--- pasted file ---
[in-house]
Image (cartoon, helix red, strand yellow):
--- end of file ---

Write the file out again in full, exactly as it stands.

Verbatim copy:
[in-house]
Image (cartoon, helix red, strand yellow):